Kimberly Huyser, Data Analysis Researcher: I know from conversations with my elders that they don’t always feel the things that they’re told to help manage their diabetes really resonate. Doctors brand-new to the reservation don’t necessarily realize, for example, that access to fruits and vegetables can be difficult. Our elders need someone to tell them, what are healthy alternatives given the restrictions that they’re living under? How can we make meaningful change even if we can’t do the ideal change?
Especially thinking about the spread of rural communities, having lived there is helpful. I was the oldest of five. When my brother was a toddler and we were living in a small community, he fell and hit his head and got a huge gash. My parents had to drive 45 minutes to get to the closest ER to get him stitched up. For us even to go to our preventive checkups, my parents had to strategize. Whenever we drove to town, it was a big deal.
With diabetes management, it’s important to know that structurally, it can be difficult. If you’re driving multiple hours to a clinic, you’re not going to go there weekly.
Muskett: I lead the community health advisory panel for our study. We started by asking the members, is this research appropriate? How do you want to see this research done in the Navajo Nation?
There were some study questions that we had to revise. Some of it was the way we ask the questions. They didn’t want us to ask questions that would create conflict or appear to be negative. For a lot of people in the community, if you don’t word a question in the third person, they feel like you’re bringing that illness on them. We had to make sure that we weren’t saying things like, “Since you’re diabetic...” We tried to reword the question to say, “Diabetes is a problem throughout Navajo Nation.”
Data Sets Help Local Communities
Joan O’Connell, Principal Investigator: We are collecting healthcare data from 15 sites throughout the United States. The majority of sites don’t have the software tools or enough staff with experience to analyze the data. We are supplementing the healthcare data with other data, like US census data, to examine the influence of education, income, and other characteristics on health and service utilization. We provide information back to local sites, including the two in the Navajo Nation, so that they can use it for their purposes.
For example, one site reviewed information for patients who obtained diabetes care and education. They could see that they were getting patients in for one visit, but not for two, three, or four visits. They felt they couldn’t have much of an impact with one visit. They are now conducting more patient outreach, such as making more phone calls and enhancing home-based services.
Kimberly Huyser, Data Analysis Researcher: In the data, we see different health outcomes by clinic. Some of the things we can explain by the resources in the clinics themselves. But we also know that the resources in the community really matter. If we are able to find out that a community has higher education or the family structures are different, that might lead to mechanisms for better providing care.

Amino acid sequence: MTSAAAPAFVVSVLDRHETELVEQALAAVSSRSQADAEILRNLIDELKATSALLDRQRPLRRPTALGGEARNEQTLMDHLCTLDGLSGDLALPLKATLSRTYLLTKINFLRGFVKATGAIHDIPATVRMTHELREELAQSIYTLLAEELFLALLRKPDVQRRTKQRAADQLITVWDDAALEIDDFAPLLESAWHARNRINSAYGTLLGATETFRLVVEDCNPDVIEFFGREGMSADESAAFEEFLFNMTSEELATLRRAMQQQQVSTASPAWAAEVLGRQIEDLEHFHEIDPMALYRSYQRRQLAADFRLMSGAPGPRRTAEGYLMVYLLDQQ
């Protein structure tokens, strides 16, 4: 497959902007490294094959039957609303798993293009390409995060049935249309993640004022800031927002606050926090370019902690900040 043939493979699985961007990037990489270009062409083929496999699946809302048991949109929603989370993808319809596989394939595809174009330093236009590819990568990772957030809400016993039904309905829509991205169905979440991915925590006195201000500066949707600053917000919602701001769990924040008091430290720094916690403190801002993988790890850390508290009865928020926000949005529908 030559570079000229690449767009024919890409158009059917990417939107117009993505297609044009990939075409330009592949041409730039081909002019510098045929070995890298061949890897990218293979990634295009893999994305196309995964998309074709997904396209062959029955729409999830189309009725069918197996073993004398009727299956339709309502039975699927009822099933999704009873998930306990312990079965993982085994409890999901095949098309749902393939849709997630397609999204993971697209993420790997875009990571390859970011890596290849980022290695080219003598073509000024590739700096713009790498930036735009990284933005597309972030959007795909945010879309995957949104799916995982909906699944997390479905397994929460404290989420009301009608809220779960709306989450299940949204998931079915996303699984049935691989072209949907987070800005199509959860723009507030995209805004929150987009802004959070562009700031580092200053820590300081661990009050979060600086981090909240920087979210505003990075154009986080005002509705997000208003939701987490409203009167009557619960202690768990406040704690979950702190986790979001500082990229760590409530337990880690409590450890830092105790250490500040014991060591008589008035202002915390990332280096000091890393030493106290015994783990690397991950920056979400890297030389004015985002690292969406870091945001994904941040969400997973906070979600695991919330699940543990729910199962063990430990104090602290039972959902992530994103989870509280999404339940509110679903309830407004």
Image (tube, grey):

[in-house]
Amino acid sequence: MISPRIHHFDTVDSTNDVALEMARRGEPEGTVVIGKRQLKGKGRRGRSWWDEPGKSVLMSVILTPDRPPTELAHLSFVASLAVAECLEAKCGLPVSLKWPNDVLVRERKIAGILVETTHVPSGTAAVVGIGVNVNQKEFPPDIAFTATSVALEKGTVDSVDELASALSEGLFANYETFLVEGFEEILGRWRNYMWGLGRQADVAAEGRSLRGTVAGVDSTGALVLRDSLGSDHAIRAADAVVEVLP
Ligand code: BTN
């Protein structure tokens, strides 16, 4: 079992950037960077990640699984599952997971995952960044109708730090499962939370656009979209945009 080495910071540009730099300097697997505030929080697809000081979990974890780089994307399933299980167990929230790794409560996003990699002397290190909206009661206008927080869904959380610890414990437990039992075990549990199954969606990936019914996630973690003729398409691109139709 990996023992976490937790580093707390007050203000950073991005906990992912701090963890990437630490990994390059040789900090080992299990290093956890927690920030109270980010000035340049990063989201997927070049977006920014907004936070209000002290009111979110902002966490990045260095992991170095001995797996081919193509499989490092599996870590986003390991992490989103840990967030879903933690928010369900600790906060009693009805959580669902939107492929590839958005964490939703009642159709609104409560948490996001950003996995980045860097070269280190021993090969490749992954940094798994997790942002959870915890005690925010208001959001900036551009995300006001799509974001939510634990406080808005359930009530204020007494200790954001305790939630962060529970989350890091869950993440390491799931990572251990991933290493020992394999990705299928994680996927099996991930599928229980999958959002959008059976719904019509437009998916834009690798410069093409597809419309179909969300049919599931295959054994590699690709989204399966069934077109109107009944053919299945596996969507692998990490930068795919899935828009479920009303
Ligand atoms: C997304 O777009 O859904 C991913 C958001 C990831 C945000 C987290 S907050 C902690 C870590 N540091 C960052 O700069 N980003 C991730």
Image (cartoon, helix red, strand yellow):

Collaboration Improves Data
Joan O’Connell, Principal Investigator: Even though our projects are quite different, they both include data analysis. We discuss issues related to the analyses. For instance, one Navajo Nation site transitioned to a new electronic health records system. We developed a method to ensure we did not double-count services during the transition. We’ve also both worked on ways to identify if a single patient had more than one patient number at different clinics or hospitals, so that we can say which numbers are for the same person.
Sonya Shin, Principal Investigator: Patients move around. When they’re hospitalized in one place, they’re discharged to follow up with a primary care provider somewhere else. At a fundamental level, interventions have to be regional and connect different facilities.
We also really want to make sure we understand the similarities and differences between our analytic approaches. If we were to sit down with a local advisory group, many of those people would be the same for both studies. If we’re coming up with different cost estimates or health utilization estimates, it has to be very, very clear how our approaches are similar and different.
O'Connell: We’ve talked about scheduling a joint meeting on the Navajo reservation to share our work, so that providers and the community can better understand these findings and use them to inform their own work. There is a Navajo tribal epidemiological center, which conducts analyses of the health status of their population. There’s a real opportunity for us to collaborate with them to better address their own priorities.
The views expressed here are those of the author(s) and not necessarily those of PCORI.